The Artist’s Responsibility

I wanted to offer an encouragement to all of you artists out there who may be thinking to yourself, “Is any of this worth it?” Because that’s a thought that I struggle with constantly.

As humans, we were created in order to create. When God told Adam and Eve in the garden that He expected them to fill the earth and subdue it, I believe that one implication from that command was that God expected us to become mini-creators after His image. There’s a reason why He endowed certain individuals with specific skills in specific enterprises. God could have made a simple, utilitarian world that just worked, but He didn’t. He created a world with sights, sounds, smells, beautiful colors, breathtaking vistas, etc.

Because God is a God of beauty. It’s His very nature.

As artists, we have the unique opportunity to reflect God’s nature by taking a piece of His creation – for me, it would be my camera and my “photographer’s eye” (if that’s a thing) – and beautifying it. Turning it into something unique. As a photographer, I want to create beautiful things.

If you’re like me, and you have that drive to create things that cause people to stop and ponder, then get out there today and do it.

And do it well.

A Seminarian Tries Storytelling

You may not know this about me, but I really enjoy writing. I can sit at the dining-room table, a pour-over coffee steaming in front of me, with a notebook open and a fountain pen in hand, allowing my thoughts to flow onto the page. I use these times as opportunities to work on my penmanship, I try to become better at providing evidence for arguments and proving any theories that I may hold, and sometimes I just use it as a way to work through my thoughts. Some will say that my cursive is atrocious – I will not try to argue the point that it isn’t – but that’s okay, because usually these writings are just for me. People don’t have to try to distinguish between my  lowercase “n” and “r,” because I can tell them apart just fine. (As an aside, it’s when I accidentally dot the wrong letters in my haste that I have trouble reading my own handwriting). I really like sitting down and writing.

As a seminary graduate and a current PhD student, I’m used to writing papers. I have had to write about some difficult subjects, including the reality of death. I have had to write arguments against theologians that I really admire and feel that I have no place writing. I have had to review some dry books that I cannot believe a loving author would ever dare to place upon his readers. I have spent countless hours in libraries, reading random pages in encyclopedias and searching for words in dictionaries that I have never seen before. I have written sermons, trying my best to do justice to the most important set of words in the history of man: the Bible. The vast majority of my “literary” experience has been in the realm of theological writing – and mostly because I’ve had to for classes and seminars.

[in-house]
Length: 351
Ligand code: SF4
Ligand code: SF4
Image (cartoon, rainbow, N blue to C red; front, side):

Writing theologically is fabulous. It has proved extremely rewarding, and I believe that the Lord has used it to hone my writing skills. If you spend your college years at Boyce College and then a few more at Southern Seminary, it simply is not an option to come out of either of those places a worse writer than when you entered. Their emphasis on paper formatting and sculpting arguments are such that even those who struggle at writing have the tools necessary to become worlds better at it. And it is extremely rewarding, besides. There is nothing quite like reading the writings of Paul, thinking them through, and then writing about what the implications are for the everyday Christian. And there is certainly nothing like studying through the Gospels and then systematically painting a portrait of the risen Christ. Theological writing has as its subject the Highest and the Greatest that man could ever attempt.

While I really love theological writing, there was something intriguing about trying my hand at writing some fiction. The other day, I told myself, “Self, why don’t you try your hand at writing a short story or two?” Because I was laying in bed and my computer was downstairs, I decided to use the Notes app on my iPhone 6+ to work through an idea for a story that could be read in a matter of minutes. In trying to figure out what I wanted to write about, I landed on a subject with which I have a long history and for which I have a particular interest. I devised a small set of characters that I really liked, and I picked my favorite and tried to get to know him in my imagination as I wrote about him. I just wrote without having a specific plot in mind, and I thoroughly enjoyed seeing where the story itself wanted to go. In writing fiction, I have discovered the joy of creation.